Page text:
Madeline Feingold is a therapist on our Top 6 list of Choice Mom-friendly counselors, associated with Alta Bates IVF in San Francisco. She offered insight on the actual words a parent can use, starting at a young age, for talking to your child about donor conception.
“When you describe your child’s donor conception within the framework of building a family, define family building as distinct from baby making, and separate motherhood and fatherhood from eggs and sperm, you help your child understand his experiences, feel a sense of belonging, and have the knowledge that he is loved for exactly the person he is. Early disclosure allows your child to feel secure within himself and his family.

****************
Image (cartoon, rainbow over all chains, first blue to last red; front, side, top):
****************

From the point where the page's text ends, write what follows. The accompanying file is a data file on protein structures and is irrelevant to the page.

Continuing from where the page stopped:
These disclosure stories are for young children and lay the foundation for healthy child and family development. As your child grows into a teenager and young adult, queries about donor origins will become more complex and include questions about the donor, how the donor is connected to your child and family, and how being donor conceived affects identity. As parents, it is important to encourage your adolescent’s curiosity so that he feels free to explore feelings about being a donor conceived person without shame or discomfort. With your help and support your teen will develop a strong and secure sense of self and family.”
She provided a specific script that you can use, as part of a column she wrote on this subject for American Fertility Association titled “Genes Make People, People Make Families.” It includes a script for couples, for same sex couples, and for single parents.